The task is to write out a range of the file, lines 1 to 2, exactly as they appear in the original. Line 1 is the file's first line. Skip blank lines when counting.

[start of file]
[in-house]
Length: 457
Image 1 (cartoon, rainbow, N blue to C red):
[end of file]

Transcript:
[in-house]
Length: 457